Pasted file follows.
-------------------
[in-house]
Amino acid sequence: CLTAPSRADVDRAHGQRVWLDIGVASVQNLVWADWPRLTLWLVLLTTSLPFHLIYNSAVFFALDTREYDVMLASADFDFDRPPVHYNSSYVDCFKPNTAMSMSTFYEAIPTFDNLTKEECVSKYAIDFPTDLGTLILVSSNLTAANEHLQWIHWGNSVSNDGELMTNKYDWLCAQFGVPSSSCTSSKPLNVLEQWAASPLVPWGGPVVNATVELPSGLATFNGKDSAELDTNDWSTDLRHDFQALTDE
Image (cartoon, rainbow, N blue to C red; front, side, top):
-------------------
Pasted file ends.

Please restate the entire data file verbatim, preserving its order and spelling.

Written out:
[in-house]
Amino acid sequence: CLTAPSRADVDRAHGQRVWLDIGVASVQNLVWADWPRLTLWLVLLTTSLPFHLIYNSAVFFALDTREYDVMLASADFDFDRPPVHYNSSYVDCFKPNTAMSMSTFYEAIPTFDNLTKEECVSKYAIDFPTDLGTLILVSSNLTAANEHLQWIHWGNSVSNDGELMTNKYDWLCAQFGVPSSSCTSSKPLNVLEQWAASPLVPWGGPVVNATVELPSGLATFNGKDSAELDTNDWSTDLRHDFQALTDE
Image (cartoon, rainbow, N blue to C red; front, side, top):